Kieran McDermott is the Professor of Anatomy and Head of Teaching and Research in Anatomy at the Graduate Entry Medical School, University of Limerick. He received a BSc (Hons) in Zoology from University College Cork, an MSc in Experimental Pathology and Toxicology from the Royal Postgraduate Medical School at Hammersmith Hospital, London and undertook a PhD in Developmental Neurobiology in the Department of Neuropathology in the Institute of Psychiatry, Denmark Hill, London. Postdoctoral work in developmental neurobiology, funded by a Wellcome Trust Travelling Fellowship, was subsequently undertaken at the Department of Anatomy and Cell Biology, Emory University, Atlanta, USA and later in experimental neuropathology at the Department of Clinical Veterinary Medicine, Cambridge, UK. He was subsequently appointed Lecturer in the Department of Anatomy at University College, Cork (UCC) and played a key role in setting up the BSc (Hons) in Neuroscience at UCC, the first such degree in Ireland. He was promoted to Senior Lecturer and contributed extensively medical, dental, neuroscience and postgraduate programmes. He served as Head of the Department of Anatomy in UCC on a number of occasions, most recently from February 2010 until July 2011 and in this period played a key leadership role in the design and development of new state-of-the-art anatomy teaching facilities and in the relocation of the Department of Anatomy from its historic home in the Windle Building to the new Western Gateway Building. He has been an External PhD Examiner for the Universities of London, Portsmouth and Cambridge and a Programme External Examiner for the University of Liverpool. He is a reviewer for numerous anatomy, neuroscience and developmental neurobiology journals. He became the first elected President of Neuroscience Ireland, Ireland’s new national neuroscience association in 2006, serving a three year term. He was elected to the Council of the Anatomical Society in 2012, awarded the prestigious Fellowship of the Anatomical Society in 2013 and invited to become the Deputy Treasurer of the Society in 2015.
His primary research interests focus on interlinked studies in developmental biology and regeneration which aim to bridge clinical and basic sciences. Particularly, as regeneration of tissues, in large part, recapitulates developmental events , it is hoped to elucidate new avenues for therapeutic intervention based on detailed examination of cell behaviour and the molecular control of cell differentiation and fate determination. His research is also looking into the vulnerability of nervous system development to intrinsic and extrinsic perturbation and the potential causative role this could have with respect to conditions thought to have neurodevelopmental underpinnings such as epilepsy, autism, schizophrenia and potentially certain neurodegenerative diseases.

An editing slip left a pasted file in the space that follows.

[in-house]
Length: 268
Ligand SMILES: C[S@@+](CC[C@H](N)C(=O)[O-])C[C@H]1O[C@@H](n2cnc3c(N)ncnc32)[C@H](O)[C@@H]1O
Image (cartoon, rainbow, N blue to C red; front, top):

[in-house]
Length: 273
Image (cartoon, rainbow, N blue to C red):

O'Leary CJ, Weston M, McDermott KW. (2018) An ex vivo model to quantitatively analyze cell migration in tissue. Dev Dyn. Jan 247(1) 201-211. https://doi.org/10.1002/dvdy.24562
O’Loughlin E., Pakan, J.M.P., Yilmazer-Hanke, D. and McDermott, K.W. (2017). Acute in utero exposure to lipopolysaccharide induces inflammation in the pre- and postnatal brain and alters the glial cytoarchitecture in the developing amygdala. Journal of Neuroinflammation. 14(1): 212. https://doi.org/10.1186/s12974-017-0981-8
Yilmazer‐Hanke, D., O'Loughlin, E. and McDermott, K. (2016), Contribution of amygdala pathology to comorbid emotional disturbances in temporal lobe epilepsy. Journal of Neuroscience Research, 94: 486-503. https://doi.org/10.1002/jnr.23689
Dmitriev, R. I., Borisov, S. M., Kondrashina, A. V., Pakan, J. M., Anilkumar, U., Prehn, J. H., Zhdanov, A. V., McDermott, K. W., Klimant, I. and Papkovsky, D. B. (2015) Imaging oxygen in neural cell and tissue models by means of anionic cell-permeable phosphorescent nanoparticles, Cellular and Molecular Life Sciences 72: 367-81. https://doi.org/10.1007/s00018-014-1673-5
Fitzpatrick, J. K., Anderson, R. C. and McDermott, K. W. (2015) MicroRNA: Key regulators of oligodendrocyte development and pathobiology, The International Journal of Biochemistry & Cell Biology, 65: 134-138. https://doi.org/10.1016/j.biocel.2015.05.021